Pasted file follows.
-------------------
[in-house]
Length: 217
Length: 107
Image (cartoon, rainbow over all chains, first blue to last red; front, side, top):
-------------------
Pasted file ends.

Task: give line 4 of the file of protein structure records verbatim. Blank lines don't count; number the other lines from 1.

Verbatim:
Image (cartoon, rainbow over all chains, first blue to last red; front, side, top):